One of the most dominating players in northern Illinois and a two-time all NIC-10 middle linebacker at (Machesney Park) Harlem High School, A. J. Wentland still didn’t have a lot of big-time NCAA Division I offers when it came time to choose a college three years ago.
In fact, the 6-foot-4 235-pound Wentland had no Division I offers.
“I had a couple of NCAA Division I-AA schools looking at me, but they weren’t really offering anything,’’ Wentland said. “I remember during my senior year (McKendree assistant) coach Trent Poelker came to school and they pulled me out of class one day and he told me about McKendree.
“He told me that it was a program that would be transitioning to NCAA Division II and that he was looking for players who wanted to be part of something new and help build it into a top-level program. I liked that idea.”
Three years later, under the guidance of McKendree coach Mike Babcock, the Bearcats are well on their way to being that top-level program and Wentland is on his way toward being one of the top NCAA Division II middle linebackers in the nation.
A first-team all Great Lakes Valley Conference middle linebacker a year ago, when he set a McKendree record with 132 tackles, including 61 solos, Wentland began his junior season a week ago with a record-setting performance as the Bearcats rolled to a 50-27 road win at West Liberty University.
Wentland finished the day with 22 tackles. That mark broke the record of 21 tackles in a single game, which was set by the late Cory Wilson in a 2003 game at St. Xavier University.
For his performance, Wentland was chosen as the GLVC’s Defensive Player of the Week.
“I credit a lot of it to preparation ... watching and studying film and learning the tendencies of the other team. It’s just all part of being ready for each play,” Wentland said. “I really have to give a lot of the credit to my teammates. What they were able to do in order for me to be in position to make tackles. I wouldn’t have been able to have the day I did without those 10 other guys. They were great all day.
“The most important part of this is that we’re 1-0. One day, one game at a time. That’s the way we’re looking at it.”
Wentland wasn’t the only Bearcats player to earn GLVC honors on Saturday.
Senior quarterback Isaac Fisher threw a school-record six touchdown passes — finishing 27-of-36 for 353 yards — to earn the GLVC Offensive Player of the Week honors.
Wentland isn’t only one of the top players on a defensive unit which includes all-American defensive end Lucky Baar, he’s also one of the leaders of Babcock’s 3-4 defensive unit which features several big, strong and elite athletes.
“No question, AJ’s one of the leaders on this football team. He’s a vocal leader and he leads by example,’’ Babcock said. “He’s a big, strong quick football player with good speed and he’s one of those players who just is always around the football.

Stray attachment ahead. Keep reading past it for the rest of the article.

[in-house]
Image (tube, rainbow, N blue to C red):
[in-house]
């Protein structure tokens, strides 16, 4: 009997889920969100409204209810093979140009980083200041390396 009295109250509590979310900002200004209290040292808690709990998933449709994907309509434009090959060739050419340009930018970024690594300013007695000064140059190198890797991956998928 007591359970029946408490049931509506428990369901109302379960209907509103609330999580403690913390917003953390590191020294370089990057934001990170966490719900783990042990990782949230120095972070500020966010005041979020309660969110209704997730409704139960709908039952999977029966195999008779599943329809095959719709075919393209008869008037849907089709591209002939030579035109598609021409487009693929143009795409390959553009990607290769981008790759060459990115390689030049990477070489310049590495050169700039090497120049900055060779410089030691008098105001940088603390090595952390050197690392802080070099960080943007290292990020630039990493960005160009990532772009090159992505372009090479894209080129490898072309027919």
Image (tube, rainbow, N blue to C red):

“Some of that is just instinct. But a lot of it is also preparation. He’s one of those players who works hard in the weight room, but he also put the same amount of work into watching hours of game film and working and learning about his opponent in the classroom.’’
Wentland’s success at McKendree didn’t come overnight.
Like all high school athletes making the jump to the college ranks, Wentland went through a period of transition of learning to balance life away from home for the first time, the athletic and academic responsibilities required and also being a typical 18-year-old freshman in college.
During his freshman year, Wentland played on special teams and as a reserve linebacker.
“The biggest adjustments for me were the faster speed of the game and playing against bigger and better athletes,’’ Wentland said. “Then learning to deal with more responsibilities of being a college student-athlete.
“I remember when I came down here (McKendree), I liked it right away. It was just great to be part of a brotherhood with my teammates and working hard everyday to help this football program grow and help it become successful. We’re all really close both on and off the football field. I know that I would do almost anything for them and I know they would do the same for me.’’
The son of Stan and Sheila Wentland, A.J. Wentland comes from an athletic family. His dad played college football at Northern Illinois University in Dekalb and his older brother is an assistant defensive football coach at Harlem High School.
“He’s tough on me ... but only because he wants to make me a better football player. He’s my older brother,’’ Wentland said, laughing. “But it was my dad who really taught me the game and where I get my love of the sport. The thing about it was that he never pushed me. If I wanted to play that was fine. If I didn’t that would have been fine too.”
Wentland and the Bearcats will be back in action Saturday, when they host Northwood (Mich.) University at Leeman Field. Northwood defeated McKendree in a close game in Michigan a year ago.
“We felt like we let that one slip away and so it left a bad taste in our mouths,’’ Wentland said. “This time we’ve got them in our house and we’re looking to turn things around this time. It’s also a big game heading into the GLVC next week.
“We feel that with the coaching staff and the players on this football team that we’re improving and building this program into one that will be strong for years to come. The goal has always been to win the conference championship. To be able to win that ring would be incredible. But again, it’s one game, one week at a time. We can’t and won’t look ahead.’’\